Many network applications have stringent end-to-end latency requirements, including VoIP and interactive video conferencing, automated trading, and high-performance computing—where even microsecond variations may be intolerable. The resulting fine-grain measurement demands cannot be met effectively by existing technologies, such as SNMP, NetFlow, or active probing. We propose instrumenting routers with a hash-based primitive that we call a Lossy Difference Aggregator (LDA) to measure latencies down to tens of microseconds and losses as infrequent as one in a million.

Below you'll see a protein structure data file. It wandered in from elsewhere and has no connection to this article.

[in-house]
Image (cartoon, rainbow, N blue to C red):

Such measurement can be viewed abstractly as what we refer to as a coordinated streaming problem, which is fundamentally harder than standard streaming problems due to the need to coordinate values between nodes. We describe a compact data structure that efficiently computes the average and standard deviation of latency and loss rate in a coordinated streaming environment. Our theoretical results translate to an efficient hardware implementation at 40 Gbps using less than 1% of a typical 65-nm 400-MHz networking ASIC.When compared to Poisson-spaced active probing with similar overheads, our LDA mechanism delivers orders of magnitude smaller relative error; active probing requires 50–60 times as much bandwidth to deliver similar levels of accuracy.